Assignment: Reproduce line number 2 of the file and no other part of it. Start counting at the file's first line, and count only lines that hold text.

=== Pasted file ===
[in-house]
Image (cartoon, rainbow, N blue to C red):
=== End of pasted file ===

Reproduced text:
Image (cartoon, rainbow, N blue to C red):